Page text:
Soils don't break down at an even rate. If you assign a soil a life of two years and imagine that the soil goes from perfect to unusable in that time, it's likely it would be fine for the first year, lose about 25% of its suitability in the first half of the second year, and lose the other 75% in the last half of the second year. This is an approximation & is only meant to illustrate the exponential rate at which soils collapse. Soils that are suitable for only a growing season show a similar rate of decline, but at an accelerated rate. When a used soil is mixed with fresh soil after a growing season, the old soil particles are in or about to begin a period of accelerated decay. I choose to turn them into the garden or they find their way to a compost pile.
Unless the reasons are economical, I find it difficult to imagine why anyone would add garden soils to container soils. It destroys aeration and usually causes soils to retain too much water for too long. Sand (unless approaching the size of BB's), has the same effect. I don't use compost in soils because of the negative effect on aeration/drainage. The small amount of micro-nutrients provided by compost can be more efficiently added, organically or inorganically, via other vehicles.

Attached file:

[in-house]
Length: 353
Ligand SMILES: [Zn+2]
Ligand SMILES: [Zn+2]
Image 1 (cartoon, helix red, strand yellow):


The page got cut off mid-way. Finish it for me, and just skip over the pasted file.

To boil this all down, a container soil fails when the inverse relationship between aeration/drainage goes awry. When aeration is reduced, soggy soil is the result, and trouble is in the making.
I would go with tapala's recommendation. I recently learned of tapala's container mixture formula and I see the difference in the few plants I recently repotted.
I have nine earthboxes that I am emptying the contents into the garden and compost pile. Next year I will use tapala's recipe and no more store bought potting mix for any of my containers. I want my plants to have healthy roots!
Tapla...thanks for your comprehensive response, and it was quick too. You've given me much to consider and I appreciate your advice. In addition, Merrymath also responded to my ( $$$ ) thoughts in relating that she has nine earthboxes ready to be emptied into her garden and compost pile. Way to go Mary! Then she mentions her success using YOUR recipe for soil mix. Question: Where can I view your recipe? Hopefully it is posted here on the DG site. After sending my question earlier, I then recalled the importance of having growth mediums which are free of harmful microbes, fungus, etc. Since there is no way to sterilize old soil mix, and get good bugs to chase all the baddies away, that consideration becomes academic. Joining this site is one of my best garden investments this year.